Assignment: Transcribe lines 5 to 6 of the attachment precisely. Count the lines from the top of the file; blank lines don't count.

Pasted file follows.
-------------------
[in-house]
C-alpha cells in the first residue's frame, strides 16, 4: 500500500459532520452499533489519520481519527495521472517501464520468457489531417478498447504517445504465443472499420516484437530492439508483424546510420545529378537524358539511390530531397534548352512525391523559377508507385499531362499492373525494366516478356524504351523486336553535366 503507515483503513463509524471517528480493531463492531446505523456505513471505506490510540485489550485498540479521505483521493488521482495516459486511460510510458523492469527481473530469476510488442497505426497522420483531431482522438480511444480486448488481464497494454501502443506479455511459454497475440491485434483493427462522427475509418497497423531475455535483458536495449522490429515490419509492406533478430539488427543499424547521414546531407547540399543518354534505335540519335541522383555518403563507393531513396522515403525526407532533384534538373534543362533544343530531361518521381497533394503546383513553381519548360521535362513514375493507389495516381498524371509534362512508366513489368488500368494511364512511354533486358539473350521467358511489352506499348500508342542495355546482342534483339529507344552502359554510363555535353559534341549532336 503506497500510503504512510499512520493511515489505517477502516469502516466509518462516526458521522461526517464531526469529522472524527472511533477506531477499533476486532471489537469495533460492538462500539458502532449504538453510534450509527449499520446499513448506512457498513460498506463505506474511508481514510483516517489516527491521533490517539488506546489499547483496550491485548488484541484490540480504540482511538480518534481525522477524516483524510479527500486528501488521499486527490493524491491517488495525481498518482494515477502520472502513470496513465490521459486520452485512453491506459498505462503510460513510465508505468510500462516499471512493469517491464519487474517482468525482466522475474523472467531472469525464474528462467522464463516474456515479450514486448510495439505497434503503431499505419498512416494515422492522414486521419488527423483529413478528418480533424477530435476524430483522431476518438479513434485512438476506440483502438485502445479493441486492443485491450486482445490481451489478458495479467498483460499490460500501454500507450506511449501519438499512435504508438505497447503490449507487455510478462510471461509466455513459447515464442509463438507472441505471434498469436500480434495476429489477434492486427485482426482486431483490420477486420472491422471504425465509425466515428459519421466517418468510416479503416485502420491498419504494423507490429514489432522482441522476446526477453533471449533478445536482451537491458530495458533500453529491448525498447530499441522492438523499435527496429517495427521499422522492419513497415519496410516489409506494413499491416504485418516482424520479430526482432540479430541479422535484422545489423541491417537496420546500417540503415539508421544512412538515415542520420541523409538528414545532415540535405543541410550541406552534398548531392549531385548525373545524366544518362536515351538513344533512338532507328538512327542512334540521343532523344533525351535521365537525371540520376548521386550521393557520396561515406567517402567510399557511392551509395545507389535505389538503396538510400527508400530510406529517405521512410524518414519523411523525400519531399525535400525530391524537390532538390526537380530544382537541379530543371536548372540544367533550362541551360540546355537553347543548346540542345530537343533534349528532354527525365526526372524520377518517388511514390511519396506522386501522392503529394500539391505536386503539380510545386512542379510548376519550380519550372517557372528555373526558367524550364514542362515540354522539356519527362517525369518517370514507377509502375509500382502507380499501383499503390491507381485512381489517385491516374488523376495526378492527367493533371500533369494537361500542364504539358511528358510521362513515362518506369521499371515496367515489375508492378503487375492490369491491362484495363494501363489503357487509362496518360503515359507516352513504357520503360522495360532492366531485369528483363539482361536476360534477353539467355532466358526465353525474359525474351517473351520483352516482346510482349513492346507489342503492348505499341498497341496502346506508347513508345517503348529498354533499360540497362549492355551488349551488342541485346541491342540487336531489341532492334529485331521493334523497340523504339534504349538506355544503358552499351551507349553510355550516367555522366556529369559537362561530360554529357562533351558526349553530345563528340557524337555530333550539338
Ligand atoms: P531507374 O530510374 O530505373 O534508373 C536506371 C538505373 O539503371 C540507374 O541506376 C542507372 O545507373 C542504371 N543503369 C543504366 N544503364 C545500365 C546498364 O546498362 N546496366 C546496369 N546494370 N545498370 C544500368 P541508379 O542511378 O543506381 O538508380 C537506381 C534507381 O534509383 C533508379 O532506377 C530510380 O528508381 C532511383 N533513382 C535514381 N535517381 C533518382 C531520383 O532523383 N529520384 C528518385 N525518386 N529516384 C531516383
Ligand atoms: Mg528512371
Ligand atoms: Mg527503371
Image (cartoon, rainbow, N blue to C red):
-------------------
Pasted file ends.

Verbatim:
Ligand atoms: Mg527503371
Image (cartoon, rainbow, N blue to C red):